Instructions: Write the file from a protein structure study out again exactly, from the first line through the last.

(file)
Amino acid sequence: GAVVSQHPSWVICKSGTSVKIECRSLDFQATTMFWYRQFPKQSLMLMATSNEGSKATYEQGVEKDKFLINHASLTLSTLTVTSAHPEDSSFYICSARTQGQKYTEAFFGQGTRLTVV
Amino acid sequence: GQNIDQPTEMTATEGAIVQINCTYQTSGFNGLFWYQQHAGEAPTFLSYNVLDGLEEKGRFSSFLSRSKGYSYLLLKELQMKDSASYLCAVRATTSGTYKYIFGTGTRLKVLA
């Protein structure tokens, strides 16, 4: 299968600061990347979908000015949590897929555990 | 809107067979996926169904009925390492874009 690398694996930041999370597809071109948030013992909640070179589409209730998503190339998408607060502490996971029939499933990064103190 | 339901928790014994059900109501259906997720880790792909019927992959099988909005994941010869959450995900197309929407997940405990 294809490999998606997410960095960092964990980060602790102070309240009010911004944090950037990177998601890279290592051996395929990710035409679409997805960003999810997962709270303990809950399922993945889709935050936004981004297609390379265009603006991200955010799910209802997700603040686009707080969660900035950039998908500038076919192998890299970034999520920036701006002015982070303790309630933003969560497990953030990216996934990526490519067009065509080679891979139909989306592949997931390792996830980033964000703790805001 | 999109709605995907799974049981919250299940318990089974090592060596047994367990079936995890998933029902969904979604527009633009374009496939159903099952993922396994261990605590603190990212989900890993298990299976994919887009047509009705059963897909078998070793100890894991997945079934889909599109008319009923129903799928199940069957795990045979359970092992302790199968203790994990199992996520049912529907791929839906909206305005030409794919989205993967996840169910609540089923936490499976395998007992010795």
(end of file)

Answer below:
Amino acid sequence: GAVVSQHPSWVICKSGTSVKIECRSLDFQATTMFWYRQFPKQSLMLMATSNEGSKATYEQGVEKDKFLINHASLTLSTLTVTSAHPEDSSFYICSARTQGQKYTEAFFGQGTRLTVV
Amino acid sequence: GQNIDQPTEMTATEGAIVQINCTYQTSGFNGLFWYQQHAGEAPTFLSYNVLDGLEEKGRFSSFLSRSKGYSYLLLKELQMKDSASYLCAVRATTSGTYKYIFGTGTRLKVLA
């Protein structure tokens, strides 16, 4: 299968600061990347979908000015949590897929555990 | 809107067979996926169904009925390492874009 690398694996930041999370597809071109948030013992909640070179589409209730998503190339998408607060502490996971029939499933990064103190 | 339901928790014994059900109501259906997720880790792909019927992959099988909005994941010869959450995900197309929407997940405990 294809490999998606997410960095960092964990980060602790102070309240009010911004944090950037990177998601890279290592051996395929990710035409679409997805960003999810997962709270303990809950399922993945889709935050936004981004297609390379265009603006991200955010799910209802997700603040686009707080969660900035950039998908500038076919192998890299970034999520920036701006002015982070303790309630933003969560497990953030990216996934990526490519067009065509080679891979139909989306592949997931390792996830980033964000703790805001 | 999109709605995907799974049981919250299940318990089974090592060596047994367990079936995890998933029902969904979604527009633009374009496939159903099952993922396994261990605590603190990212989900890993298990299976994919887009047509009705059963897909078998070793100890894991997945079934889909599109008319009923129903799928199940069957795990045979359970092992302790199968203790994990199992996520049912529907791929839906909206305005030409794919989205993967996840169910609540089923936490499976395998007992010795």